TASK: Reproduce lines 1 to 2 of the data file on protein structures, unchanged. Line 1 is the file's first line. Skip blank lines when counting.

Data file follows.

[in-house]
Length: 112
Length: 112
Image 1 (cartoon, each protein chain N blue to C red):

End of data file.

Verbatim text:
[in-house]
Length: 112